The tick can be brought home on clothes, shoes and souvenirs from the trip like bouquet of flowers. They are also brought by pets like dogs and cats.
The tick bite, in contrast to mosquito bites, is not felt and the arachnid that is attached to the skin is usually find by accident – for example during bathing.
Immediately after clinging to the skin, the tick can start transmitting pathogens, therefore it is crucial to find it and remove it quickly.
To reduce the risk of infection, ticks should be removed as soon as possible. This rule must apply to both humans and animals.
Getting to the doctor and waiting for the admission often takes several hours, so a reasonable and recommended solution is to remove the tick by yourself. To perform the procedure safely, it is worth to know a few important facts:
In order to minimize the contact with the body fluids of the ticks, all the procedures of removing the ticks should be performed using gloves.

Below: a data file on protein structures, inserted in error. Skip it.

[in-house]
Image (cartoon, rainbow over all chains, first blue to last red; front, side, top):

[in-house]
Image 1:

DO NOT treat the tick with the products like gasoline, paraffin oil, vaseline, peppermint oil or nail polish remover, because the suffocating tick will spit the contagious saliva out to the host.
STEP 1 – Freezing
The tick should be frozen using the applicator. The number of doses depends on the size of the ticks. In case of nymphs and larvaes 1 dose should be enough. 2 doses are recommended for the adult ticks.
STEP 2 – Removing
Choose the most suitable Tick Remover tip end depending on the tick’s size (A/B). Engage the Tick Remover by grabbing the tick firmly, placing the Tick Remover as close to the skin as possible.
Remember to observe the spot after the procedure for the next few weeks. The local or general inflammation might be a consequence of transmission of pathogenic fluids by the tick. If you do not feel well and you have a fever or a skin rash (erythema migrans) that might be a sign of Lyme disease. Thus, contact a physician or a pharmacist immediately.